Buttprints in the Sand: Christians & The Role of Government

Buttprints in the Sand: Christians & The Role of Government October 22, 2012

I adapted the more famous version of this poem for a sermon a few years back, and it seemed like a good (and hopefully fun) anchor for a post on the role of Church and Government and factors Christians should weigh when voting and picking political sides:

One night I had a wondrous dream
Two sets of footprints there were seen,
My Lord and I walked hand and hand
And left our footprints in the sand.

But as I watched our tracks progress
Suddenly, to my great distress
Only one set of footprints I did see
And I wondered where my Lord’s might be.

So I asked him why, when I needed Him most
I would be abandoned by the Lord of Hosts?
He said, “My precious child, I thought you knew
That was when I carried you.”

But then some stranger prints appeared
And I asked the Lord, “What have we here?
Those prints are large and round and neat
But Lord, they are too big for feet.”

“My child,” He said in somber tones,
“For miles I carried you alone.
I challenged you to walk in faith,
But you refused and made me wait.”

“The Least of These–they needed care,
But you were selfish and wouldn’t share.
You focused on money and bedroom rules,
Forgetting love and forgiveness are my primary tools.”

“You disobeyed, you would not grow,
The walk of faith, you would not know,
So I got tired, I’d had enough,
And I dropped you there right on your duff.”

“For there comes a time when you can no longer ride
Where, if you’re to walk in faith, you must decide
Whether to rise and take a stand,
Or just leave butt prints in the sand.”

That poem provides a nice context to tackle one of the biggest questions in this election: the role of government. It’s one of the clearest differences between the two parties. And it’s one of the most important questions Christians need to deal with. Many simply do by saying, “the Church could do a better job than government,” or “caring for the poor is an individual responsibility and shouldn’t be left to government.” I think the Church could do a better job (in most cases) of caring for the poor than government…if it actually answered Christ’s call and did the work. The problem is we’re not.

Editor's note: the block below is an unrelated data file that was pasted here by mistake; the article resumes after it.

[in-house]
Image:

If only weekly church-attending Christians tithed, the Church would have more new money coming in than the entire U.S. domestic budget. Again though, we’re not. You may be, but the Church isn’t and we’re leaving huge gaps that struggling families are falling through.

The problem in America isn’t that government is doing too much. The problem is that Christians are doing too little. And this is the political question: Where should our energy and resources be focused? What witness do Christians want to make in politics? Should we focus on tearing down the only safety net that exists for the working poor, or on lifting them up so they don’t need it anymore?

Rather than focusing on cutting Medicaid and school lunches and Section 8 Housing—thereby leaving families depending on those programs to make ends meet with nothing—Christians should be working to make those programs unnecessary. We wouldn’t need free school lunches if we had enough food pantries. We wouldn’t need Section 8 Housing if we built enough Habitat Homes.

Jesus made it quite clear that faith is about more than ourselves. As the Book of James says when talking to the early Church about the sin of giving special privileges to the rich and ignoring the poor, “You believe in God? Good for you! Even the demons believe in God…and they shudder.”

Faith requires relationship with God, which is then reflected in our relationship with others. There was only one time in the NT where Jesus lays out the criteria he would use to judge the world: Matthew 25, the story of the sheep and the goats, “whatever you do unto the least of these.”

In a Democratic system where our government represents us and should reflect our values, Christians need to ask if the right way to vote is for the Party wanting to cut support for the least of these and increase government support for the wealthy? There are ways to justify such a decision with Ayn Rand and trickle-down economic theories, but it’s really hard to do with the Bible (if you haven’t seen it already, check out our Guide to Scripture, Politics, & the Budget).

Twitter: @SappEric

Content Director’s Note: This post is a part of our Election Month at Patheos feature. Patheos was designed to present the world’s most compelling conversations on life’s most important questions. Please join the Facebook following for our new News and Politics Channel — and check back throughout the month for more commentary on Election 2012. Please use hashtag #PatheosElection on Twitter.

Browse Our Archives

Follow Us!